Global coffee and food-to-go giant Starbucks is keeping a laser-like focus on new catering equipment as it prepares for its next generation of product innovation.
Starbucks, which is currently investing heavily in the multi-billion pound cold coffee market, recognises that its equipment is just as important is its products.
While the chain looks for uniformity across its stores, if a new menu offering requires a substantial investment into new technology then it will be rolled out in phases.
As part of its mission to serve chilled beverages, the chain has introduced the Nitro Cold Brew, which requires a uniquely designed on-tap pour system. Nitro Cold Brew is now available in more than 1,000 stores in the US and 16 markets globally.
Rachel Chatterton, senior innovation manager EMEA at Starbucks, told FEJ that due to the equipment required to introduce the new drink, Starbucks has kitted out just 50 stores so far.
“We continue to look at it in the same way we look at trends in the food and beverage space – equipment trends are equally as important. If you look at our stores we would be nowhere without a coffee machine. It’s a very important part,” she said.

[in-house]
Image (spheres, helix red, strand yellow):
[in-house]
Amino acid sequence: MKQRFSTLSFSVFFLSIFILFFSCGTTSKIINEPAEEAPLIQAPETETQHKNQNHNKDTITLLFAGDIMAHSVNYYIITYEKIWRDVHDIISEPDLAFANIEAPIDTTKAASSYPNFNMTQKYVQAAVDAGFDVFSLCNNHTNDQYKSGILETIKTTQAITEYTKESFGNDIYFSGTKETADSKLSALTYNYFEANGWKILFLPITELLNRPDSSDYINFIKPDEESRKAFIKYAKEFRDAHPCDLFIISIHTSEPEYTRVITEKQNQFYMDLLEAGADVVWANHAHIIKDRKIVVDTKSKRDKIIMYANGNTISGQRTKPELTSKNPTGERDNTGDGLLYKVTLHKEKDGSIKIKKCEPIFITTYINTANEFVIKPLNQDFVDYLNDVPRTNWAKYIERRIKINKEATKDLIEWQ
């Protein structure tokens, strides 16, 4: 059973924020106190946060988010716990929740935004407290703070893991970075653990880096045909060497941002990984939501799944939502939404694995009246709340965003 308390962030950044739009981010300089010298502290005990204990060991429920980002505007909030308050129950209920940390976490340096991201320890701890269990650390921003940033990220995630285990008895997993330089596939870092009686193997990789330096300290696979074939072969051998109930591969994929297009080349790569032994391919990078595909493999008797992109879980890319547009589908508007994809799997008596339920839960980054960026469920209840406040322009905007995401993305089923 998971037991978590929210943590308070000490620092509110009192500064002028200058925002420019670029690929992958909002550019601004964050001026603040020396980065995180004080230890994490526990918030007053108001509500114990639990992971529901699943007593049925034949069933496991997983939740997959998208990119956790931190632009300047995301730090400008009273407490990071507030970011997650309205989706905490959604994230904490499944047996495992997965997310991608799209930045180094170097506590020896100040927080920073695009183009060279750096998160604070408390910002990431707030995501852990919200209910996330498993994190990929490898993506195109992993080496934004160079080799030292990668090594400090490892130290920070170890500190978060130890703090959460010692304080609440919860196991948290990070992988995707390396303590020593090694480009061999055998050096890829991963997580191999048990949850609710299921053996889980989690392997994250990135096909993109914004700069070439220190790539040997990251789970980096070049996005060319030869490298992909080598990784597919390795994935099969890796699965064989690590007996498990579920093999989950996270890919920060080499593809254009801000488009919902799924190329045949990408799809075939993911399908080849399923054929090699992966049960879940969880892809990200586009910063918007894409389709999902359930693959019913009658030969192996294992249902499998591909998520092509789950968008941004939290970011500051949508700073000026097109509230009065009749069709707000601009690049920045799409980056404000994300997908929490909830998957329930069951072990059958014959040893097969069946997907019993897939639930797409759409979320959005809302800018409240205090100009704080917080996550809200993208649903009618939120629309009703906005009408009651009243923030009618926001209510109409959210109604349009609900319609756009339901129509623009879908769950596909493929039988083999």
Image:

Last week Starbucks revealed it had developed a patent-pending cold extraction process that produces a concentrated, smooth tasting shot of cold-pressed espresso.
The cold-pressed espresso shot will serve as the foundation for a new suite of in-store menu options focused on cold espresso beverages.
The ‘Aqua Tamp Technology’ uses an ascending flow filtration system that is pressurised by cold water. The inverted process allows for a precise release of flavor characteristics resulting in a dense concentration of cold espresso.
In doing so, it allows the release of a sweeter coffee flavor and smooth finish to break through making the cold-pressed espresso extracted the ideal pairing to a variety of cold liquids allowing it to retain the intensity of the espresso flavor.
Starbucks expects to quadruple its cold brew business by 2021 and its overall cold beverage mix to move from over 35% in 2013 to nearly 50% by 2021.